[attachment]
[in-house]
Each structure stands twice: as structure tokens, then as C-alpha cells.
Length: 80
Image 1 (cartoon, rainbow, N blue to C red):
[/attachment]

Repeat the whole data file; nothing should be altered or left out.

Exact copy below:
[in-house]
Each structure stands twice: as structure tokens, then as C-alpha cells.
Length: 80
Image 1 (cartoon, rainbow, N blue to C red):